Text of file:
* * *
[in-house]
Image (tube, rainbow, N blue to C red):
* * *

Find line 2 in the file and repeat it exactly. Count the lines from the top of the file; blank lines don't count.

Image (tube, rainbow, N blue to C red):